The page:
Top Ten Intranets Dare to Differ
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The virtual envelopes have been opened and the top ten winners announced this week for Nielsen Norman Group's annual Ten Best Designed Intranets competition.
NNG, a well-known usability consulting firm, said the eighth annual competition attracted about a hundred entries worldwide. The ten winners included five organizations from the U.S., with the remainder from outside the country.
With few notable exceptions, the ten winners are mostly large companies. In alphabetical order, they are:
- Bank of America, U.S.
- Bankinter, Spain
- Barnes & Noble, U.S.
- British Airways, U.K.
- Campbell Soup, U.S.
- Coldwell Banker Real Estate, U.S.
- IKEA North America Service, U.S.
- Ministry of Transport, New Zealand
- New South Wales Department of Primary Industries, Australia
- SAP, Germany
NNG's director of research, Kara Pernice, said corporate intranets have improved significantly since it held the first contest.
"CIOs and the rest of management have come to realize how important intranets are, which is really smart and long overdue," Pernice told InternetNews.com. "A bad intranet wastes employees' time and is a missed opportunity to help with knowledge transfer and getting people up to speed with what they need to know at the company."
Pernice said it's also clear from the entries that companies, at least the ones with good intranets, are investing more resources in them. For instance, in the early years, she said, it was very common for just a single person to be in charge of intranet design.
This year, the smallest intranet design team among the winners had two members, while twenty different people across different departments were involved in the design for British Airways' site.
While Pernice conceded that there was a measure of subjectivity in picking winners, such as a basic impression of whether the intranet's look is appealing, NNG used a wide range of specific criteria based on its usability reports and client studies.
The bar is also raised each year, as companies get more sophisticated in their intranet design, she said.
Three winners came from the financial sector -- two banks and one real estate company. NNG speculates financial institutions have traditionally fared well in the competition because they typically invest a lot more in IT than other companies.
Click on the graphic for a view of Bank of America's intranet
One reason for the investment is that because financial firms deal in complex transactions, training costs for internal applications can skyrocket if the right user-centered design isn't in place for local and remote branches.
Another company with a few dollars in the bank and a heavy investment in IT is SAP, the enterprise software firm that represented the only technology company among this year's winners.
Most of the winners are big firms, with an average of 50,000 employees. A notable exception is New Zealand's Ministry of Transport, with only 200 intranet users.
Several of the winners make use of advanced personalization in their intranets. Pernice said personalization hasn't emerged more broadly on intranets because it's expensive, and if done wrong, ends up being counterproductive.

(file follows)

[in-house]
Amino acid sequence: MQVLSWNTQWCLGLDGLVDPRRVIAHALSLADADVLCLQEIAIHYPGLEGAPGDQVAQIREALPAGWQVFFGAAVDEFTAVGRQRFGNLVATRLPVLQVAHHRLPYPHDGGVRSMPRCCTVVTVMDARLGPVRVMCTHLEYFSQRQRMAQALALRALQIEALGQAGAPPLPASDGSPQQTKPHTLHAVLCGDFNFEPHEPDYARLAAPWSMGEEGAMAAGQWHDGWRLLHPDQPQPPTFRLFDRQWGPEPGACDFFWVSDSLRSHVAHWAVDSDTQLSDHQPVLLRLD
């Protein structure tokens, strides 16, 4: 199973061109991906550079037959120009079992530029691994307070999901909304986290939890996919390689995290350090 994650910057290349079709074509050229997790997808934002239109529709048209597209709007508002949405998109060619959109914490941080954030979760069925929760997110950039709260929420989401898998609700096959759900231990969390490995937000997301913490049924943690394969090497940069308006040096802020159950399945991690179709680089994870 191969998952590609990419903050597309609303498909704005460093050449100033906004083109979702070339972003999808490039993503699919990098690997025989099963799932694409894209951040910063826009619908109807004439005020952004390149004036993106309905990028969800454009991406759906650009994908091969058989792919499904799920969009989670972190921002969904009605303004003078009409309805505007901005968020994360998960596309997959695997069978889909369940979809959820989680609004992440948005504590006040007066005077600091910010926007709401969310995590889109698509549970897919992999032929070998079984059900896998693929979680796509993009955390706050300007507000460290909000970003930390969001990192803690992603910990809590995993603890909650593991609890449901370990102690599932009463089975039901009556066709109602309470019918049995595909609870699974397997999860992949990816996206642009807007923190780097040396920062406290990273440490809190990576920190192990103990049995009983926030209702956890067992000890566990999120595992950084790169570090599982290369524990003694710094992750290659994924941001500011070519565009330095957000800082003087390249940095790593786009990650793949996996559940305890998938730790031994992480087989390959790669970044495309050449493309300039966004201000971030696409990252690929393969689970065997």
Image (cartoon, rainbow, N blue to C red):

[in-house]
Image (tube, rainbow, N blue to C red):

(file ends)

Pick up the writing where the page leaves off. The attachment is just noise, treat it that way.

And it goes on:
Examples of effective personalization included Coldwell Banker. When salespeople log in to the realtor's intranet, they are shown personalized data like their individual sales targets, their current progress and leads that are being tracked.
The realtor's employee directory also goes beyond the norm: A special feature, for example, helps agents find colleagues for referral.
"Gone are the days when you're lucky to just get a welcome note from the CEO," Pernice said. "Companies are realizing intranets are a tool to help make money and make the right decisions."
Sometimes a focus on a clear design can be more important than adding a bunch of features not everyone knows how to use. Pernice lauds the intranet by the New South Wales Department of Primary Industries in Australia for its simple, clear design.
"They just did a very good job with colors and borders," she said. "You can tell what's a link and what to click on to go somewhere."
As clear as mud
Most companies that enter an intranet design contest might be expected to have, at least, some visually appealing aspects. Pernice said while there was nothing "Frankensteinian" among the entries, a few made plenty of mistakes. Those gaffes include links that "drop a user off a cliff" and go nowhere.
Another no-no, by NNG's reckoning, is overly branded sites. When you're already in Acme Inc.'s intranet, it's not necessary to brand the Acme search box, Acme's news of the day, Acme's Tips For Productivity, and so on, she said, adding that one company had its logo a clutter-filled five times on one page.
Tools of the trade
Pernice said the rise in consumer social networks and multimedia content is also emerging as a driver of intranet innovation.
"If you have YouTube on your Dell desktop at home, you start to wonder why you can't see video of the big company event at another office or the politician meeting the CEO," she said. "I have empathy for the poor IT guys who have to make sure the pipes work and implement all this."
SAP is making it work. The big enterprise software maker dedicates a section of its intranet homepage to "SAP TV" -- with videos on various topics from SAP Cup soccer finals to doing business in Russia.
NNG's report on the finalists points out that some 41 different products were used among the ten winners for their intranet platforms.
"As with every year, we again conclude that intranet technology is an unsettled field with no clear winner," it found.
Still, a handful of frequently used products stood out. Among most-used products this year were Microsoft's SharePoint and the Google Search Appliance. Others frequently used in intranets were Red Hat Linux, Lotus Notes and Domino and the Oracle database.